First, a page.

Thursday, January 7, 2010

May your embers still glow in the morning

scottish landscape

There's a lot of poetry on my favourite blogs at the moment. Elspeth Thompson's blog features "Twenty blessings" in her New Years post. The last line in particular:

May your embers still glow in the morning

resonates having spent the Christmas period with a coal stove as the 'central' heating - central because the stove stands in the middle of Dan's living room. Dan lit the fire every morning, a task much quicker and warmer if the embers still glowed. I was a chicken and stayed in bed till it thawed out a little.

And Kate Davies at needled had Wallace Stevens’ "The Snow Man", which I enjoyed a lot. I think I must always have had a mind of winter, I've been trying to go north for as long as I can remember. I'm not even sure why. It's very fortunate I have a Dan who can take me as far north as you could want to go without getting in a boat. Going to Durness during the big snow was so exciting and beautiful, it felt like some magic other world to me. Beach, ice, snow covered dunes, cliffs, frozen lochs and snow covered mountains as a backdrop - it was almost too much all in one place. With any luck, if our resolutions come to pass, we will be spending a lot more time there soon enough.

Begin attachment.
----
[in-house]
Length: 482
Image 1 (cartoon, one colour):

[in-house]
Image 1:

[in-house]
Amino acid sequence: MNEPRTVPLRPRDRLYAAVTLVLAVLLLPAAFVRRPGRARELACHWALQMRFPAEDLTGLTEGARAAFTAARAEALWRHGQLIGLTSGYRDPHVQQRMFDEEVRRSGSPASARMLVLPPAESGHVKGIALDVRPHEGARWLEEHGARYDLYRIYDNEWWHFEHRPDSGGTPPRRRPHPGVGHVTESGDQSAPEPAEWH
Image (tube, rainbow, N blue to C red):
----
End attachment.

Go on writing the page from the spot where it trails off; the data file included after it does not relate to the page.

'm going to keep with the poetry theme that's around me now. Dan gave me this Ted Hughes poem to read while we were sat next to the fire one evening, because it reminds him of his house.

This house has been far out at sea all night,
The woods crashing through darkness, the booming hills,
Winds stampeding the fields under the window
Floundering black astride and blinding wet

Till day rose; then under an orange sky
The hills had new places, and wind wielded
Blade-light, luminous black and emerald,
Flexing like the lens of a mad eye.

At noon I scaled along the house-side as far as
The coal-house door. Once I looked up -
Through the brunt wind that dented the balls of my eyes
The tent of the hills drummed and strained its guyrope,

The fields quivering, the skyline a grimace,
At any second to bang and vanish with a flap;
The wind flung a magpie away and a black-
Back gull bent like an iron bar slowly. The house

Rang like some fine green goblet in the note
That any second would shatter it. Now deep
In chairs, in front of the great fire, we grip
Our hearts and cannot entertain book, thought,

Or each other. We watch the fire blazing,
And feel the roots of the house move, but sit on,
Seeing the window tremble to come in,
Hearing the stones cry out under the horizons.

frozen loch


  1. I've been thinking a lot about poetry recently too... winter does that, I think. I love it. The Ted Hughes poem is beautiful - I'd not read it before, so thank you for posting it!

  2. Thanks! I just popped over to your blog and saw your poem too! I'm quite fond of winter light in London Town too, especially when it's reflected on the white facades in some boroughs.


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